[Editor’s Note: If you think growing cannabis is the same from strain to strain, you absolutely needs to read this. There’s a lot to consider when growing cannabis.]

Once you’ve made the decision to grow your own cannabis, you probably have a couple favorite strains in mind. Picking a strain is one of the most exciting aspects of homegrowing, but setting up a successful garden requires careful planning and consideration, no matter what your experience level.

Starting a grow takes an investment of time and money, and which strain you decide to grow will influence how you build out your garden.

Picking a strain to grow is ultimately a matter of balancing what is available to you and what your individual needs, experience, and growing preferences are. Below are some factors to consider to help you pick the right strain for your garden.

Grow Experience

The great thing about cannabis cultivation is that you don’t have to be an expert to get started. Any cannabis enthusiast can grow at home with a bit of planning and research.

Nevertheless, some strains require more care and attention than others. This information is usually made available by breeders and distributors, but be sure to do some research to see how difficult specific strains are to grow.

Difficulty equates to more care and attention, which can involve a more complex nutrient regiment, more training requirements, and perhaps paying more attention to environmental factors. These all take time, patience, and research to master, especially if you don’t have much growing experience.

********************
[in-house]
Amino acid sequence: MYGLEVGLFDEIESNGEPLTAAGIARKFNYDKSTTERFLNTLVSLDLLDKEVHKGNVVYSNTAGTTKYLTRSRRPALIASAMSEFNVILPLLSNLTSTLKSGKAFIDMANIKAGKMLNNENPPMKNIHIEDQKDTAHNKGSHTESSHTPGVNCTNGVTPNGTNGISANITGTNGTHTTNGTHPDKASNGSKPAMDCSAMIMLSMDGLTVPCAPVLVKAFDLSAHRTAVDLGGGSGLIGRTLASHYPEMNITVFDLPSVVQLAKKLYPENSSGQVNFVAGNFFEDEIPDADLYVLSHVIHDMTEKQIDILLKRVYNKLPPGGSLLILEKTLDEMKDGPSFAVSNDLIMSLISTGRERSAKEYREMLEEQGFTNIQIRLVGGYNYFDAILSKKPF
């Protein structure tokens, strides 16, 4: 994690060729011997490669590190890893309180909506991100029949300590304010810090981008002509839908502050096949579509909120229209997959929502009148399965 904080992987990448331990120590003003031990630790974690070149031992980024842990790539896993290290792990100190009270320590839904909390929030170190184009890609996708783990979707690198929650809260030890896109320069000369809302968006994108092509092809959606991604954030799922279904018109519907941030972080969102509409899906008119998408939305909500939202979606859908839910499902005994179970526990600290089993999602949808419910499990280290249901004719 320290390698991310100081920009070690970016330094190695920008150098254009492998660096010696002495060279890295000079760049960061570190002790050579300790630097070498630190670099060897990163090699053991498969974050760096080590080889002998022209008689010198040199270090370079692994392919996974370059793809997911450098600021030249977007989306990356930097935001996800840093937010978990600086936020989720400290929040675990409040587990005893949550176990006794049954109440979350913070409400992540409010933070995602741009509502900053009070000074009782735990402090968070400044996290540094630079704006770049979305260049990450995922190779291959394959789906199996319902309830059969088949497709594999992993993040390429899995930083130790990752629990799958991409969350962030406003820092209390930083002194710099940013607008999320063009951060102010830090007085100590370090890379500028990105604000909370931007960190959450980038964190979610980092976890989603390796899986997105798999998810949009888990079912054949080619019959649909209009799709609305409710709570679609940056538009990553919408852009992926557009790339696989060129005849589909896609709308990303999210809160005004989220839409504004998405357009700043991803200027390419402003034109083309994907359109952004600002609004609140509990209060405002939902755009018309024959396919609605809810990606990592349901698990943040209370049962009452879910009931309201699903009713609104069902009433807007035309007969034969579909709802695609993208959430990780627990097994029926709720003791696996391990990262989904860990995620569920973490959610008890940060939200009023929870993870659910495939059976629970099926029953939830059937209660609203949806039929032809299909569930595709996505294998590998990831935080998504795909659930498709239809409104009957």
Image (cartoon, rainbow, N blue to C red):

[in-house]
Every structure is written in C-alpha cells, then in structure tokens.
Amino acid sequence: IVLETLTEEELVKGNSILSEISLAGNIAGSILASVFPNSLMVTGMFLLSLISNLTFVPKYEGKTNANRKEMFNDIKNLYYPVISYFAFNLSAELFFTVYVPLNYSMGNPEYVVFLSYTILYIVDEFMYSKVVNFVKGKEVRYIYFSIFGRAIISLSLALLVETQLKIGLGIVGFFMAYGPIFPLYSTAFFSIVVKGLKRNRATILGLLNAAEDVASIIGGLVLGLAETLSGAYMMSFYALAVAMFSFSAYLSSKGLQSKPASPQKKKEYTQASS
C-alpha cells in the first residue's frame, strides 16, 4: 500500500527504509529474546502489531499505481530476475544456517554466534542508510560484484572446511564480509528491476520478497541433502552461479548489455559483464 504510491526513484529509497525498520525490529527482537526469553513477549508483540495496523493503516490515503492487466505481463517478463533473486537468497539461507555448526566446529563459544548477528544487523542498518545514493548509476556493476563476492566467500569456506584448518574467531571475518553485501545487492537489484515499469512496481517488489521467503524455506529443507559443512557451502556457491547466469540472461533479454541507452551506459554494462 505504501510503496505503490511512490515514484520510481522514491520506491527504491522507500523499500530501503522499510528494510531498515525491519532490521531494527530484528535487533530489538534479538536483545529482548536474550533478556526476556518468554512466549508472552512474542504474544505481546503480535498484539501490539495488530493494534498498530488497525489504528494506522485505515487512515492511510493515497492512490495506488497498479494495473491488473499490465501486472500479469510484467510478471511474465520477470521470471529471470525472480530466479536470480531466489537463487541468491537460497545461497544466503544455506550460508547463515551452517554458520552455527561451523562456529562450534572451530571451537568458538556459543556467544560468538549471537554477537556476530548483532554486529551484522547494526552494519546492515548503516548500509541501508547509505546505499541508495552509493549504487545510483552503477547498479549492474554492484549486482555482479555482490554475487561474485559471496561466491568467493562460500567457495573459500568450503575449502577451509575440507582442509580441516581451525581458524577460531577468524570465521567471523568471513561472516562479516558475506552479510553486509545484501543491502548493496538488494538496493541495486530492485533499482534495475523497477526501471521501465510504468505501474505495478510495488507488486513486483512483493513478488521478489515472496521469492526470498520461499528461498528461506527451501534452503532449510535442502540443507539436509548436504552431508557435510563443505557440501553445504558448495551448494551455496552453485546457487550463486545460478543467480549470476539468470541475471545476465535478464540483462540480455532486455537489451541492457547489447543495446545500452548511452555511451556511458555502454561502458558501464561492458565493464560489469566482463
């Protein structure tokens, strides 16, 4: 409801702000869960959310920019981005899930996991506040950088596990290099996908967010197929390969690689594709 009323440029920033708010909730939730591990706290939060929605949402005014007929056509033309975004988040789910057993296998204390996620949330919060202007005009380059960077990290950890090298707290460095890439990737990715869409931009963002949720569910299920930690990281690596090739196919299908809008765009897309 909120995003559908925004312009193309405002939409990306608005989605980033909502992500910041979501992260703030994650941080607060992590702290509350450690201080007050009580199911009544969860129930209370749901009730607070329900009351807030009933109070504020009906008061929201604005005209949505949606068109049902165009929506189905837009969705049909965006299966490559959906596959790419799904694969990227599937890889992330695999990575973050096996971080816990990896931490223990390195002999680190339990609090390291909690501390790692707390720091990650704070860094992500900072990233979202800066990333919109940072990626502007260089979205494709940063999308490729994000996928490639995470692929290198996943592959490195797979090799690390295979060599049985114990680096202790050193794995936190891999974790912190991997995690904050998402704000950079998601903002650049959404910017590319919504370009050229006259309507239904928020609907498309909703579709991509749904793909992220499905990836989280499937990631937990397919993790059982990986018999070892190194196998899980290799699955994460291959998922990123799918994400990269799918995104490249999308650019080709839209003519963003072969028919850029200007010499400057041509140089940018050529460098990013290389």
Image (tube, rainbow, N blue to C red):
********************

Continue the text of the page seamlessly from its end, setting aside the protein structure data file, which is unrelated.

That being said, don’t let the difficulty factor discourage you from cultivating your favorite strain. As long as you’re determined and know what you’re getting yourself into, by all means, go for it.

Availability of Strains

Where you live and intend to set up your garden will affect what strains you have access to. Although there are many strains in circulation, not all markets carry certain varietals.

The legality of cannabis in your state will determine whether you can buy seeds or clones at the dispensary. Even if you can, you’ll be limited to genetics that are only produced in your state, as seeds and clones can’t cross state lines.

The selection of genetics will be contingent on many variables, including what local farmers are circulating, the time of year, and demand. Popular strains will be easier to find as the market favors supply and demand.

Contact local seed and clone suppliers to see what they have. That way, you can have the jump on genetics you want as they become available throughout the year.

Seed banks exist outside of the US and can sell seeds for “souvenir purposes,” but it is illegal to bring seeds into the US. Customs will seize any cannabis seeds that they find in packages or on a person.

Climate and Environment

Cultivating indoors or outdoors will also affect which strain you choose. Certain strains benefit from open space and are easier to grow outdoors. For example, sativas tend to grow taller than indicas and have a more open bud structure, making them better in warmer and more humid climates.